You can break writing rules in order to add voice.
For example, over-description can furnish you with a narcissistic tone:
Constance Fullerton readjusted her Maison Michel fedora above her statuesque profile and put her phone on the table, ignoring the words floating up from it.
Referencing a brand and her good looks (both unimportant to the scene) creates a fussy voice: Constance wants you to see her as high-class. She’s too self-absorbed to care if that lengthens the sentence.
But the sentence doesn’t overdo it. Once the fastidious imagery serves its purpose, it disappears.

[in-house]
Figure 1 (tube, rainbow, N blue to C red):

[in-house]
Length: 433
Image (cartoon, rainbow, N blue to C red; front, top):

Thus the second (active, important) half doesn’t say, “rested her Gresso smartphone on the antique table.” More adjectives and specific nouns would overwhelm us. Constance made her points about wealth and beauty and doesn’t need to reiterate.
Great writers break the rules deliberately and for a specific purpose.
Suzanne Collins starts THE HUNGER GAMES with the waking-up cliche in order to highlight how Katniss’s every thought is about Prim. Chuck Wendig’s voice is full of sentence fragments, which he blends with present tense to create a happening-in-real-time feel.
They break the rules to get a certain point across — and no more.